The Green Acre Quest

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Ok, so we’re not Oliver and Lisa, and we’ve never been in Hooterville, but after living our entire adult lives in relatively urban settings, Sue and I have moved out to a place with 2 acres and a pond near Chelsea, Michigan. In a way, we’re both going back to our childhoods – I am from a small town in Iowa, and Sue grew up in the country 100 miles west of here.

The house was a bit of a wreck with years of deferred maintenance to correct before we could move in. Now, the house itself is mostly done, our dog has turned junkyard almost overnight, and we’re beginning to focus our sights on the prospect of project work for the next zillion years or so. Unless I miss my guess, we’re not the only ones who have had to learn rural-ish ways, so this blog is dedicated to sharing ideas and discoveries along the way.

This list of potential projects goes on and on, and we’re looking for insight from the experts – folks who have actually had to tackle these things. Some of the potential topics we anticipate discussing are listed below. If you have some particular insight into any of them, jump in and share your thoughts!

Potential topics: building the ideal compost pile; what’s the cheapest wood for heating a home when you consider BTUs and everything else; septic field dos and don’ts; how to heal a pond; picking out fishing lures; cleaning up a scrub woodlot; raised bed gardening; tapping into the sun’s power; pros and cons of small lot wind generation; personal hothouses; native plantings; persnickety chain saws; home improvement nightmares; back-up power; can bass really taste good; deer and dogs; native plantings.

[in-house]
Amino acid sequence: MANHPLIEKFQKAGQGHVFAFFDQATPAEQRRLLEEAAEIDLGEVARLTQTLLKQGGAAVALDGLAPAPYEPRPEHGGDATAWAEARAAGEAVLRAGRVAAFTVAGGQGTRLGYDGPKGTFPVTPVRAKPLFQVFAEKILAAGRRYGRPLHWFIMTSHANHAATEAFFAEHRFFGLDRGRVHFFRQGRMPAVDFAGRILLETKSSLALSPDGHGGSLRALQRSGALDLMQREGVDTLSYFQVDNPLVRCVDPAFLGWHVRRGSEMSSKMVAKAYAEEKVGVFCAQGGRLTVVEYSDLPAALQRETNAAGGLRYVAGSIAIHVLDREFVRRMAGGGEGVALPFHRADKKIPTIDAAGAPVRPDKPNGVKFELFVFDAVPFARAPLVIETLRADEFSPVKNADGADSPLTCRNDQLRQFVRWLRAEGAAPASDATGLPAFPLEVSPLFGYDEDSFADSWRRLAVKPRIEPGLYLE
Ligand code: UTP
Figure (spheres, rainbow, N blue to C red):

I’ve attached a couple of photos of the place. The first one is the pond out front. It’s about three-quarters of an acre, which is great because I don’t have to mow as much lawn that way. The pond is stocked with bass, catfish, and the biggest bluegills I’ve ever seen. Problem is, it’s also full of muck, algae, and bottom weeds.

The second photo is the back yard, which is the intended site of the garden, native plantings, and the perfect compost pile. There’s also a big beautiful wolf oak and the remnants of a foundation that was probably the original barn. Oh, and my dog Chili is in the photo, too. She refused to move, sensing her chance to become a celebrity. She’s an Australian Shepherd mix with her summer hair cut. Make no mistake, this is her place and she’ll defend it to the death, at least until the next thunderstorm sends her flying off to hide in her master’s arms.

Before I sign off, I’d like to share a quick method I learned for getting a newly installed ceiling fan to straighten up and quit making that maddening “tick tick tick.” First rebalance it, and when that doesn’t work, just cuss at it. Worked like a charm for me.

So there you have it – this blog is about discovering the country life after becoming citified. Please share your own experiences and discoveries, and we can all learn together. I hope to hear from you soon!